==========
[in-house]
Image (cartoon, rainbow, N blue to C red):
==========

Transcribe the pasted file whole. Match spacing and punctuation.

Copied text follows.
[in-house]
Image (cartoon, rainbow, N blue to C red):